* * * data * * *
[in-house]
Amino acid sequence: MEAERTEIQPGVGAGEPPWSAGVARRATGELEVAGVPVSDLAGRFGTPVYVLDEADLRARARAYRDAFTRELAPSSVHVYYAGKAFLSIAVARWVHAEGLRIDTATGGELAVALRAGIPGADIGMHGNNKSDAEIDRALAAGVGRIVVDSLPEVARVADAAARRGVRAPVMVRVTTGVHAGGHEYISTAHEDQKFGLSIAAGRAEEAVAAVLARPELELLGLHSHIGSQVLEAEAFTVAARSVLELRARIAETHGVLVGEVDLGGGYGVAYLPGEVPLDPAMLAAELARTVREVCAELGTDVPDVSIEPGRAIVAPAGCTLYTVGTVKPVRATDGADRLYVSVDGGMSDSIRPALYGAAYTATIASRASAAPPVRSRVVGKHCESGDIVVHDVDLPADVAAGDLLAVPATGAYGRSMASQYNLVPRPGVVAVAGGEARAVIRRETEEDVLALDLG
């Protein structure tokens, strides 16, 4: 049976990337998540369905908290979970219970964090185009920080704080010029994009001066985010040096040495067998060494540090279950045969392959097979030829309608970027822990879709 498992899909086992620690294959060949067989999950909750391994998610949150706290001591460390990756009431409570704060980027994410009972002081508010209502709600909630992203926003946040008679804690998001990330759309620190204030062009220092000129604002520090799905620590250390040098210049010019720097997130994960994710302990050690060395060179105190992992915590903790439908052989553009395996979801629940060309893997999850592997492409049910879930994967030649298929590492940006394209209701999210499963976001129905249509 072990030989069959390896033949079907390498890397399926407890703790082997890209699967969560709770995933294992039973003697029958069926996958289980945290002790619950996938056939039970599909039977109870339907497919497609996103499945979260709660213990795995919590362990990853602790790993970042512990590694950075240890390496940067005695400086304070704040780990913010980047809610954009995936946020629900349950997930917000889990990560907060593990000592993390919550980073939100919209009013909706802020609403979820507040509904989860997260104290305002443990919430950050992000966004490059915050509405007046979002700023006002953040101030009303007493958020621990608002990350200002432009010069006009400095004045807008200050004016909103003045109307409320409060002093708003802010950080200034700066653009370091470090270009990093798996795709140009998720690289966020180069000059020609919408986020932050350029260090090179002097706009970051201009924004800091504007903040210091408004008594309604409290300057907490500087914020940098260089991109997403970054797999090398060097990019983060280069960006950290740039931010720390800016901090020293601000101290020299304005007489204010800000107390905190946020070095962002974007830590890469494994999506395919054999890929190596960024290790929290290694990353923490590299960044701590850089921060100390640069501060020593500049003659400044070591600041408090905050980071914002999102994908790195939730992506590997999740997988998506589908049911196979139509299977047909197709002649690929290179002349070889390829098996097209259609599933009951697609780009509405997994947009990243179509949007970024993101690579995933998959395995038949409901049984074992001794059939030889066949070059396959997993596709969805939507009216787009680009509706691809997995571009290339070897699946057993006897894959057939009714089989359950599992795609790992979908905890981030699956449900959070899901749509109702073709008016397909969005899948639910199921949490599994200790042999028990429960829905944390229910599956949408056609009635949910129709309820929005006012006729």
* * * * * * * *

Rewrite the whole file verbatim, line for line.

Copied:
[in-house]
Amino acid sequence: MEAERTEIQPGVGAGEPPWSAGVARRATGELEVAGVPVSDLAGRFGTPVYVLDEADLRARARAYRDAFTRELAPSSVHVYYAGKAFLSIAVARWVHAEGLRIDTATGGELAVALRAGIPGADIGMHGNNKSDAEIDRALAAGVGRIVVDSLPEVARVADAAARRGVRAPVMVRVTTGVHAGGHEYISTAHEDQKFGLSIAAGRAEEAVAAVLARPELELLGLHSHIGSQVLEAEAFTVAARSVLELRARIAETHGVLVGEVDLGGGYGVAYLPGEVPLDPAMLAAELARTVREVCAELGTDVPDVSIEPGRAIVAPAGCTLYTVGTVKPVRATDGADRLYVSVDGGMSDSIRPALYGAAYTATIASRASAAPPVRSRVVGKHCESGDIVVHDVDLPADVAAGDLLAVPATGAYGRSMASQYNLVPRPGVVAVAGGEARAVIRRETEEDVLALDLG
């Protein structure tokens, strides 16, 4: 049976990337998540369905908290979970219970964090185009920080704080010029994009001066985010040096040495067998060494540090279950045969392959097979030829309608970027822990879709 498992899909086992620690294959060949067989999950909750391994998610949150706290001591460390990756009431409570704060980027994410009972002081508010209502709600909630992203926003946040008679804690998001990330759309620190204030062009220092000129604002520090799905620590250390040098210049010019720097997130994960994710302990050690060395060179105190992992915590903790439908052989553009395996979801629940060309893997999850592997492409049910879930994967030649298929590492940006394209209701999210499963976001129905249509 072990030989069959390896033949079907390498890397399926407890703790082997890209699967969560709770995933294992039973003697029958069926996958289980945290002790619950996938056939039970599909039977109870339907497919497609996103499945979260709660213990795995919590362990990853602790790993970042512990590694950075240890390496940067005695400086304070704040780990913010980047809610954009995936946020629900349950997930917000889990990560907060593990000592993390919550980073939100919209009013909706802020609403979820507040509904989860997260104290305002443990919430950050992000966004490059915050509405007046979002700023006002953040101030009303007493958020621990608002990350200002432009010069006009400095004045807008200050004016909103003045109307409320409060002093708003802010950080200034700066653009370091470090270009990093798996795709140009998720690289966020180069000059020609919408986020932050350029260090090179002097706009970051201009924004800091504007903040210091408004008594309604409290300057907490500087914020940098260089991109997403970054797999090398060097990019983060280069960006950290740039931010720390800016901090020293601000101290020299304005007489204010800000107390905190946020070095962002974007830590890469494994999506395919054999890929190596960024290790929290290694990353923490590299960044701590850089921060100390640069501060020593500049003659400044070591600041408090905050980071914002999102994908790195939730992506590997999740997988998506589908049911196979139509299977047909197709002649690929290179002349070889390829098996097209259609599933009951697609780009509405997994947009990243179509949007970024993101690579995933998959395995038949409901049984074992001794059939030889066949070059396959997993596709969805939507009216787009680009509706691809997995571009290339070897699946057993006897894959057939009714089989359950599992795609790992979908905890981030699956449900959070899901749509109702073709008016397909969005899948639910199921949490599994200790042999028990429960829905944390229910599956949408056609009635949910129709309820929005006012006729």